BBC tal­ent may get wage rise ‘on the quiet’ by us­ing in­de­pen­dent loop­hole

In-house pro­duc­tion arm, run with­out li­cence-fee money, could be used to keep hold of big names

The Daily Telegraph - - News - By Anita Singh ARTS AND EN­TER­TAIN­MENT EDI­TOR

TOP tal­ent be­hind some of the BBC’S big­gest shows could be given pay rises next year that will not be dis­closed to the pub­lic, one of the cor­po­ra­tion’s top ex­ec­u­tives has said.

BBC Stu­dios, the in-house pro­duc­tion arm, which makes Strictly Come Danc­ing, Top Gear, Doc­tor Who and Ca­su­alty, among many oth­ers – be­came an in­de­pen­dent pro­duc­tion com­pany ear­lier this year.

Dis­cussing its in­de­pen­dent sta­tus, Mark Lin­sey, head of BBC Stu­dios, said yes­ter­day: “Crit­i­cally, what we’re able to do now is re­tain and at­tract creative tal­ent.” Asked if that meant BBC Stu­dios was now able to pay more, Mr Lin­sey replied: “Yes. If it’s a mat­ter of get­ting the right creative peo­ple to cre­ate pro­grammes of qual­ity and dis­tinc­tive­ness – yes, we will re­ward them as the mar­ket does.”

Pre­vi­ously, the BBC has in­sisted that it pays be­low mar­ket rate for some of its big­gest stars, who could earn more if they went to the com­mer­cial sec­tor.

The Gov­ern­ment only re­quires the BBC to dis­close salaries of £150,000 or more paid out of li­cence-fee money, but if that money is paid via an in­de­pen­dent pro­duc­tion com­pany it does not have to be made pub­lic.

It means the pay of Clau­dia Win­kle­man (cur­rent salary £450,000 to £499,999) and Tess Daly (£350,000 to £399,000), the Strictly pre­sen­ters, will be ab­sent from next year’s list, as will that of Derek Thomp­son (£350,000), the Ca­su­alty ac­tor, and Danny Dyer (£200,000 to £249,000), of Easten­ders.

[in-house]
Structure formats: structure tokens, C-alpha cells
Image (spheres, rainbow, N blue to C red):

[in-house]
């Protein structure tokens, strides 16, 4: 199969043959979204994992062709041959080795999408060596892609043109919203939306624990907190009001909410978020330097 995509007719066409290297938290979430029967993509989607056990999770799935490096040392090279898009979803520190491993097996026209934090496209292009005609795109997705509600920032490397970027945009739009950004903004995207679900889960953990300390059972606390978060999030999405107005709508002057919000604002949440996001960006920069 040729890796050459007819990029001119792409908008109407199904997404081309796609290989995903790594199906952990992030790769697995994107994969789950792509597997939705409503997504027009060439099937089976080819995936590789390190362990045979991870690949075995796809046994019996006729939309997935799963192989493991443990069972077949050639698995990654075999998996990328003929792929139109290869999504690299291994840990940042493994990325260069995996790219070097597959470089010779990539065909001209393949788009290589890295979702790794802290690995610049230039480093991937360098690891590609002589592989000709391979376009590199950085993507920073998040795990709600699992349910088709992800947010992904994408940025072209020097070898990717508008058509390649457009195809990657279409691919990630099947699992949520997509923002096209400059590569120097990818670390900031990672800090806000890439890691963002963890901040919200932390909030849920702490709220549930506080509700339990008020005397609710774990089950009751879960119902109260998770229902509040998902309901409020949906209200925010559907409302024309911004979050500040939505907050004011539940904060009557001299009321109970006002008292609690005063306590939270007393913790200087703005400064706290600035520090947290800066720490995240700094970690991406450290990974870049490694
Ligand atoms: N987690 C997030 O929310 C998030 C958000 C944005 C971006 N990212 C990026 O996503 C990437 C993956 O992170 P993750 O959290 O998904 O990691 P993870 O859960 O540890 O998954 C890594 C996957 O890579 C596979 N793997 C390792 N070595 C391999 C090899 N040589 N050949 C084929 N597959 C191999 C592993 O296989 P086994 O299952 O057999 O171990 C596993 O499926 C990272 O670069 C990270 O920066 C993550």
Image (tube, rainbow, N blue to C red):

Keep­ing those salaries se­cret, in­clud­ing in­for­ma­tion about pay rises, will mean the cor­po­ra­tion’s gen­der pay gap will be less trans­par­ent. It also comes af­ter the BBC was widely crit­i­cised for the amounts it pays to top stars, with Lord Hall, the direc­tor-gen­eral, in­di­cat­ing that some male salaries could be cut.

BBC sources said big pay deals from BBC Stu­dios were more likely to be di­rected at shows that have at­tracted fund­ing from ma­jor US play­ers, such as Good Omens, a forth­com­ing co-pro­duc­tion be­tween BBC Two and Ama­zon.

How­ever, they could not rule out BBC Stu­dios pay­ing ex­tra to re­tain big stars who threaten to go else­where.

The cor­po­ra­tion an­nounced yes­ter­day that BBC Stu­dios and BBC World­wide are to merge, form­ing one com­mer­cial en­tity.

Mr Lin­sey said: “This is a re­ally crit­i­cal and im­por­tant move for the BBC. It safe­guards us and it keeps us rel­e­vant in an in­creas­ingly com­pet­i­tive world dom­i­nated by global op­er­a­tors and it will also en­sure that money flows back into the li­cence fee.”

He was speak­ing at a Voice of the Viewer and Lis­tener con­fer­ence.

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